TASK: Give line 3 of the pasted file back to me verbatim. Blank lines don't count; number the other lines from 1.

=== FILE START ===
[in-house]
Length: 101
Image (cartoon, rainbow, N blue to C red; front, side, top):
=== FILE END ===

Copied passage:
Image (cartoon, rainbow, N blue to C red; front, side, top):